Inspiration, Innovation & Information for school libraries and learning.
It's all in a label: About the library, About us, What we do, Who are we?
Website labelling is a key element in guiding your visitors to where they want to be. Labels are used throughout website navigation as signposts intended to help visitors locate what they need easily and quickly.
Good labels avoid confusion and jargon to create clear and unambiguous navigation as people browse and search your site. A quick Internet search reveals multiple ways in which library websites label links to their catalogue:
It is important to consider the following points when deciding which terms to use for your website labels:
While you are in the planning stages of your site there is an opportunity to talk to your prospective users about terms that they would use to describe particular content areas of your website. Remember that you are familiar with the content and terminology of your site but what is it that your site visitors expect and want to see?
Card sorting is one method which can assist you in establishing how visitors expect site content to be grouped, and what labels they would assign to each broad area. Open card sorts allow users to group site content cards and create their own labels. Conversely Closed card sorts provide users with site content cards and your predetermined labels for grouping them. Read more about card sorting including a description of the process on the Usability.gov website.
Depending on what type of card sort you use with a group of potential library website visitors you can then analyse the results to establish any:
Another approach to creating meaningful labels for your site is to survey your audience. Mark Aaron Polger has published some research he conducted this year which examined what vocabulary students prefer on library websites.
This article includes the survey questions (as an appendix at the end) that were asked which you might find useful in your own research and planning.
All of this valuable information gathering can assist you in creating a new school library website or adding further content to an existing site. Whatever labels you eventually decide on the most important thing is to be consistent across your site and use the same terminology whenever that label appears on a menu or as a link.
The main aim is to create a site that is responsive to your target audience by including their perspective in the organisation and labelling of your site's content.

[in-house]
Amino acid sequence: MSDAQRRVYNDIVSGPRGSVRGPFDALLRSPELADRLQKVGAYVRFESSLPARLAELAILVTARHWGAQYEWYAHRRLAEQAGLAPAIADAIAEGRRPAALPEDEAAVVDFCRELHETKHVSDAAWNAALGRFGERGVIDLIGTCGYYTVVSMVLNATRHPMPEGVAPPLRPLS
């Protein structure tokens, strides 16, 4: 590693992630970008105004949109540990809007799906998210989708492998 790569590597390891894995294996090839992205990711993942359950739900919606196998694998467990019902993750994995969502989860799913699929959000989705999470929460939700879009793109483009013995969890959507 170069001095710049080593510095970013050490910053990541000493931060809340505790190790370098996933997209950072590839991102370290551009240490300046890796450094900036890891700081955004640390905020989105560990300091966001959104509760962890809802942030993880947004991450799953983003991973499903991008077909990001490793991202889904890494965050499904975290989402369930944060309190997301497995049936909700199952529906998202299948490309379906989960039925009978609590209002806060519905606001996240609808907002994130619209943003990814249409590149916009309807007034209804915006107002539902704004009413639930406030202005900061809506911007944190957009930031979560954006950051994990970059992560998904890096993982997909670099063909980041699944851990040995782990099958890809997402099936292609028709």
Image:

Image from http://cghs.dadeschools.net/library/
The first in a new series of blog posts about school library websites.
Usability is a key contributing factor to the success of your school library's online presence.
The concept of usability focuses on the user experience when they visit your website. Before you launch your site and start creating pages, writing content, and adding images it is important to sit down and do some planning.
Consider the following questions:
In terms of tools to assist you in your planning you need use nothing more than a pen and paper but for those who prefer to do their planning in a more visual, online way you could use a mindmapping tool such as SpiderScribe which Carrie reviewed recently. This allows you to pull pieces of information together and see what it might look like as a framework. Forward planning also assists you in seeing how your web presence might grow and the type of communication that you require e.g. formal, informal.
Once you have a broad outline of your purpose and content areas it is time to think about what tool you will use to create your site a blog, wiki or website. For background reading on the differences in these tools take a look at our page on blogs and wikis.
Firstly it’s important to discuss this with your school Principal and ICT team to find out what the preferred options are and which tools are already being used by staff and students. If there is an existing school website this can provide you with a jumping off point for the library. This is also an opportunity to advocate for the library’s real estate space on the school website as an important extension of your current services for both students and the wider school community. Ensuring the school library’s online presence is easy to locate is vital!
Time is a major factor in the development and ongoing maintenance of any website so consider collaborating with other staff in your school to share the load. Utilise all members of your school library team including the librarian, TLR and your student librarians.
IASL - Creating a web page for your school library
0800 LIB LINE
0800 542 5463
Get help from our advisers using this free phone line